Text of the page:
1115 Brigade after 1/2 hour artillery preparation advanced to occupy the attack on EL BURJ. The attack was hung up by very heavy enfilade machine gun fire and the Bn. Moved up to support the left (ie the Norfolks). They also came under the enfilade fire from NEBI SAMWIL. The Brigade was withdrawn slightly to a better line & held an outpost line during the night.
9 December The Sussex were ordered to proceed and occupy high ground N. of BEIT HANINA. Soon after arrival we had orders to return & relieve the 24th Welsh in NEBI SAMWIL arriving to heavy for and rain we missed the guides of the 24th Welsh and they were not relieved unil 0100.
10 December
Orders were received to withdraw Bn, to x roads S.W. of BIDDU for work on roads. As soon as any movement was shown the enemy started shelling heavily without casualties, but the reserve Coy & H.Q. had to remain until after dark. The total casualties during these operations were 1 officer (died of wounds) and 1 (wounded) 8 ORs killed & 47 wounded.
11 & 12 December Bn. employed working on the BIDDU ENAB Rd.

The War Diary for 15th (Suffolk Yeomanry) Bn. Suffolk Regiment above confirmed that they suffered casualties. Review of Commonwealth War Graves Commission records has identified the following men who appear to be the officer and eight other ranks that died. Additional family background has been researched and added.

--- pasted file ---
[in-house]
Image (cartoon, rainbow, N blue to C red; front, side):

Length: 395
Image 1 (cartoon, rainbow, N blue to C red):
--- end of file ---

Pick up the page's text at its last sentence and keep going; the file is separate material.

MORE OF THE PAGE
At Jerusalem War Cemetery CWGC
No. Rank Name Date
Second Lieutenant George Cecil Henry 09/12/1917 Died of Wounds
Born 1887, Hastings, Sussex. Son of Thomson and Cora Henry. Husband of May Dorothy Henry (nee Norris) of Berkhampstead, Hertfordshire.
45835 Private Arthur James Batcheldor 08/12/1917 Killed in Action
Born 1889, Gravesend, Kent. Son of Arthur and Henrietta Batcheldor. Husband of Kate H. Batcheldor (nee West), of Charlton, London.
320315 Corporal Percy Ernest Cecil Fox 08/12/1917 Killed in Action
Born 1896, Ely, Cambridgeshire. Son of Edmund George and Sarah Fox.
320014 Serjeant Thomas Samuel Smith 08/12/1917 Killed in Action
Born 1883 Hadleigh, Suffolk. Son of James and Sarah Ann Smith.
320396 Private George Unwin 08/12/1917 Killed in Action
Born 1896, Great Wilbraham, Cambridgeshire. Son of William and Charlotte Unwin.
320911 Private Walter Frederick Wiles 08/12/1917 Killed in Action